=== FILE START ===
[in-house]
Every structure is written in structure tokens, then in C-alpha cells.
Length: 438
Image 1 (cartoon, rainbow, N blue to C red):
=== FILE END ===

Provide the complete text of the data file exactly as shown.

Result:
[in-house]
Every structure is written in structure tokens, then in C-alpha cells.
Length: 438
Image 1 (cartoon, rainbow, N blue to C red):